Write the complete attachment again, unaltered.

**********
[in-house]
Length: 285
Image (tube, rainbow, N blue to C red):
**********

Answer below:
[in-house]
Length: 285
Image (tube, rainbow, N blue to C red):